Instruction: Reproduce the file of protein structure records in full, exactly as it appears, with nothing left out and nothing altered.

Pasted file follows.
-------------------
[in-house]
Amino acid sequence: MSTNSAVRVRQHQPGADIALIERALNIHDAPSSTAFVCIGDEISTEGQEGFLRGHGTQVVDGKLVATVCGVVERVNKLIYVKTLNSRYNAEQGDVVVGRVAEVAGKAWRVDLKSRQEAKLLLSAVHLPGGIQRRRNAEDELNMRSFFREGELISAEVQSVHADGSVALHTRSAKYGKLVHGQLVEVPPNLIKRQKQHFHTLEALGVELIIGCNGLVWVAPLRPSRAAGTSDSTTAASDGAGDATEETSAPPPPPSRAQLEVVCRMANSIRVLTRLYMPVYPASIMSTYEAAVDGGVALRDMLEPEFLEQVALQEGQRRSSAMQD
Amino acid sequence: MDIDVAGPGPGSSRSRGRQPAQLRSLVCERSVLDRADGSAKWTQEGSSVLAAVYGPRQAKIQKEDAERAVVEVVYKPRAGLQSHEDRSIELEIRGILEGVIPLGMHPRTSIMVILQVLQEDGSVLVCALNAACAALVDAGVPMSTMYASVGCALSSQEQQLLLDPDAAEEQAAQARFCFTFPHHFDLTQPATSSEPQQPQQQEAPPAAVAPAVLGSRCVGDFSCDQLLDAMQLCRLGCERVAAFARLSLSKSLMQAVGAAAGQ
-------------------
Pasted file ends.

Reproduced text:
[in-house]
Amino acid sequence: MSTNSAVRVRQHQPGADIALIERALNIHDAPSSTAFVCIGDEISTEGQEGFLRGHGTQVVDGKLVATVCGVVERVNKLIYVKTLNSRYNAEQGDVVVGRVAEVAGKAWRVDLKSRQEAKLLLSAVHLPGGIQRRRNAEDELNMRSFFREGELISAEVQSVHADGSVALHTRSAKYGKLVHGQLVEVPPNLIKRQKQHFHTLEALGVELIIGCNGLVWVAPLRPSRAAGTSDSTTAASDGAGDATEETSAPPPPPSRAQLEVVCRMANSIRVLTRLYMPVYPASIMSTYEAAVDGGVALRDMLEPEFLEQVALQEGQRRSSAMQD
Amino acid sequence: MDIDVAGPGPGSSRSRGRQPAQLRSLVCERSVLDRADGSAKWTQEGSSVLAAVYGPRQAKIQKEDAERAVVEVVYKPRAGLQSHEDRSIELEIRGILEGVIPLGMHPRTSIMVILQVLQEDGSVLVCALNAACAALVDAGVPMSTMYASVGCALSSQEQQLLLDPDAAEEQAAQARFCFTFPHHFDLTQPATSSEPQQPQQQEAPPAAVAPAVLGSRCVGDFSCDQLLDAMQLCRLGCERVAAFARLSLSKSLMQAVGAAAGQ